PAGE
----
In 2001, one of my sisters was diagnosed with breast cancer. The day she told me the news, she drove me to the hospital because I had a panic attack (thinking it was a heart attack)! I watched my sister be brave and calm while going through surgery and treatment. All the while, we walked many miles because that was a part of the healing process. Since then, there have been so many families I have known who have been affected by this disease. Too Many!
Dear Friends in Prevention,
I hope that this letter finds you and your loved ones safe and well.
Despite the many challenges we have all faced in 2020, Massachusetts Breast Cancer Coalition (MBCC) has continued to stay focused on the prevention of environmental causes of breast cancer through community education, research advocacy, and changes to public policy.
Locally, MBCC has been reaching out to support educators, parents, and students as they navigate hybrid and remote learning models to start the new school year. The Let’s Talk Prevention: Actions You Can Take educational program offers age-appropriate materials for high school, middle school, and elementary school students across four subject areas: PFAS (Per- and Polyfluoroalkyl Substances) water contamination, household toxins, cell phone radiation, and understanding tap water. The LTP educational materials are free to download from the MBCC website and are designed to be used both in and outside of the classroom.
As one of the community partners on the URI STEEP Superfund Research Program, MBCC is working on developing a monthly series of “PFAS in the Community” virtual presentations starting this fall to bring together STEEP researchers and community members. Although STEEP’s study of PFAS in Cape Cod private wells has been on hold due to the pandemic, private well-owners can still sign up to get their wells tested for PFAS. MBCC has also been hard at work to find space for a field office in Hyannis in support of the Silent Spring Institute-led PFAS and Your Health Study, an investigation of the health effects of PFAS exposure from drinking water among adults and children in Hyannis and Ayer. MBCC is a community partner on this study, which is part of a multi-site health study supported by the Centers for Disease Control and Prevention and the Agency for Toxic Substances and Disease Registry. The field office is scheduled to open in November 2020. MBCC is also a community partner on the PFAS-REACH study and is helping to engage community members in Hyannis to recruit families with preschool-age children as part of an investigation of PFAS exposures on children’s immune systems. While the pandemic has slowed the pace for all of these research studies, MBCC, Silent Spring Institute, and our other research and community partners are carrying on this important work.
We are grateful for MassDEP’s leadership in working towards PFAS regulation by setting MCLs for 6 PFAS at a combined 20 ppt. In the absence of EPA leadership to set MCLs for PFAS, MassDEP has taken a proactive and progressive approach to reduce PFAS exposure to communities across the state of Massachusetts. Given what we know about the harmful effects of PFAS at low levels, communities ultimately want the entire class of PFAS regulated as a class at 1ppt or less and the 20 ppt MCL for 6 PFAS is a big step in the right direction to protect public health. We applaud this important and significant milestone in PFAS regulation in Massachusetts and will continue our advocacy on working towards PFAS regulation as a class and at much lower levels in the future. Now that MassDEP has finalized its drinking water standard, they are looking at screening for PFAS in residuals from wastewater treatment as a way to prevent PFAS from sewage treatment plants from getting out into the environment in the first place. MBCC is participating in the MassDEP stakeholder meetings and will keep our supporters updated.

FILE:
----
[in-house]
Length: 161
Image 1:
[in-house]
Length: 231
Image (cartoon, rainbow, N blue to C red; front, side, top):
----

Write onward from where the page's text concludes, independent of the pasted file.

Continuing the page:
MBCC also continues its partnership with leading scientists, educators, and community leaders to provide the public with access to important health information through the successful MBCC Webinar Series. We have been proud to offer a series that touches on a range of issues this year from PFAS contamination to the after-effects of breast cancer treatments, from disparities and inequities in breast cancer care to how PFAS activism shapes public policy. We look forward to hosting Dr. Laurel Schaider, Research Scientist at Silent Spring Institute on October 20th for “PFAS Effects on the Immune System: What do we know and what are the links to COVID-19”. In November, we look forward to hosting a panel discussion on PFAS in food packaging with Dr. Schaider, Dr. Arlene Blum, Executive Director of Green Science Policy Institute, and Dr. Maricel Maffini on November 12. Dr. Michael Misialek, Associate Chair of Pathology at Newton-Wellesley Hospital and MBCC Medical Adviser will discuss updates in breast cancer pathology on November 18. We are finalizing the speaker line-up for 2021 and look forward to having Dr. Gwen Collman from the National Institute of Environmental Health Sciences kick off our 2021 Series.
All of us at MBCC are deeply touched and inspired by those of you who were able to support the Against the Tide virtual events or ran the “at home” edition of the Falmouth Road Race as a part of the MBCC Road Race Team. We recognize the challenges of fundraising in these difficult times and are grateful to all of our volunteers, participants, team members, and sponsors who came together in support of MBCC’s mission. While the future feels highly uncertain, MBCC’s commitment to effect change to improve the lives of those around us remains steadfast. Together we will continue to work to create a better world for our children, grandchildren, and future generations.
“Never doubt that a small group of thoughtful, committed, citizens can change the world. Indeed, it is the only thing that ever has.” – Margaret Mead
With caring gratitude,